Although Toyota reached its mid-term profit target for the financial year ended March, the automaker will not give up its low-risk growth strategy.
Toyota reported 1.32 trillion yen ($13.32 billion) in annual operating profit and an operating margin of 5.98%, surpassing analysts’ predictions of 1.26 trillion yen profit. This means that the Japanese automaker managed to reach the target set two years ago by President Akio Toyoda to set an annual operating profit of 1 trillion yen and a 5% margin. But for Toyoda high profits are no assurance for a brighter future, as he learned from the losses which hit the company in 2008 after a period of rapid growth and expansion.
“I became painfully aware that the most important thing is to keep growing at a sustainable pace. Expanding vehicle volume does not equate with growth, because fixed costs also increase,” the 57-year-old grandson of the founder of Toyota’s automotive business said in March. “I want this year to think about what competitiveness really means for Toyota.”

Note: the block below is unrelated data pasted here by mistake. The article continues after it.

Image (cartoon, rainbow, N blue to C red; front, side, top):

Toyota has no plans of building new factories in the following three years, as it will focus on profitability, and not on market share and volume. The company’s previous plans are to build new plants in Indonesia and Thailand and to add capacity at its existing facilities, for example at the Kentucky plant. For this year Toyota expects record sales and it could become the first automaker with sales surpassing 10 million units annually.